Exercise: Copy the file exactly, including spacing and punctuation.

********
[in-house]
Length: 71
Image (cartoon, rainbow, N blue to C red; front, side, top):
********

[in-house]
Length: 71
Image (cartoon, rainbow, N blue to C red; front, side, top):